"It was remarked when I came to London that nobody could make British film cartoons," said Mr. Connelly. "My representations that it was possible were treated more or less scornfully, so I got together a band of people from the Slade School and elsewhere.
    Fully convinced that something could be done, we settled down and achieved "Tilly and Billy," and have caught the Christmas pantomime season with them.
    I was determined to provide some thing different from the Disney cartoons, and think that I have succeeded, particularly as they exploit purely Australian animals, namely, teddy bears, which are unique among the world's fauna."
    [Mr. Connelly for some vears was on the staff of "The Bulletin" (Sydney). Walt. Disney is the American artist who created Mickey Mouse and "Three Little Pigs."]

The Tatler Theatre, London, was a 650-seater, and it is possible that this was a trade show, rather than a public performance.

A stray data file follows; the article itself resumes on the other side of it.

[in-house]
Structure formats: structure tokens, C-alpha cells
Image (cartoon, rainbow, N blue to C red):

The same story appeared on Monday in the Adelaide Courier-Mail and was picked up by other Australian papers during the week. On 11 December The Daily Standard (Brisbane) was able to update the story:

Melbourne Artist Gets Good Contract.

    London, Monday.
    Metro-Goldwyn-Mayer Company have given the Melbourne artist, Dennis Connelly, a lucrative contract for six animated color cartoons, featuring Billy and Tilly Australian koalas.
    Distribution already has been undertaken of his first film, "Dick Whittington," which is being produced at the Empire Theatre.

Connelly, who started operations with a small staff at Soho, is now installed in a modern West-street studio with 40 artists, the majority [of] whom are girl draughtsmen trained at art schools.
    "Teddy bears were selected as the most suitable after exhaustive experiments because of their comic facial and anatomical resemblance to human beings."